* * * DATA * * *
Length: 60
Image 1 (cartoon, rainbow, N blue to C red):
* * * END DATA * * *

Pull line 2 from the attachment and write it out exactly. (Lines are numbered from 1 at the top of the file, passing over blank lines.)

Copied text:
Image 1 (cartoon, rainbow, N blue to C red):